During the spring, I did my tomato starts. I tried to start 36 plants, but with a little kid help, ended up with …64!!! All of these in Heirloom varieties.
With all of this, much of the garden went into tomatoes. Before vacation the first crop came in, but we lost that entire first crop to blossom end rot, which is caused by lack of useable calcium in the soil. So, before goi
ng on vacation in early August, I tossed out some garden gypsum, which doesn’t tweak the soil ph so much (cause really, who wants to have to go and do all of the soil testing…I find it a HUGE bother…), as the flowering was still going on.
It seems to have worked. These last few weeks, my tomatoes have started their second crop and they’re monsters. We’ve got purples, yellows and oranges. They’re GORGEOUS. And HUGE, and, after going to the fair this last week, had I entered any of the bigger ones, I would have won, hands down.
Anyway, after some initial judicious gardening, and later rainfall, the second crop of tomatoes has come in, mostly whole. I’m still having some blossom end rot, mainly on the yellow tomatoes, but it’s very limited otherwise. I think that they’re heavier users of the calcium than the purples and oranges are.
So, with this new bounty on my hands, what did I do? Well, of course I canned them! We danced, the tomatoes and I, doing the first round of salsa.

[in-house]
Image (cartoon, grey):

Medium heat salsa
15 lbs peeled tomatoes (I blanch mine in boiling water and then douse into ice water to skin them), chopped into large chunks
3 chopped onions
5 ears pre-cooked corn, cut off the cob (I used the left overs from dinner than night)
2 bay leaves
1.5 lbs tomato paste
2 green peppers, chopped
I got all of this into a pot, boiling and reducing.
On the side, I did the rest:
2 whole heads garlic
1 bunch cilantro
I just stuck these in the food processor and had at, dumping them into the pot about 30-45 minutes into the reduction process.
After the reduction is where you want it for thickness, add the following
1 bunch cilantro, chopped
¾ cup apple cider vinegar
10 TBSP salt,
1 tsp black pepper
1 tsp cumin
8 long red cayenne peppers (this is just what is growing in my garden this summer – you could swap out for any other hot pepper of your choice and adjust for heat.)
Adjust seasoning by playing with both the vinegar and salt – the combination of these two things are what make the salsa more or less piquant.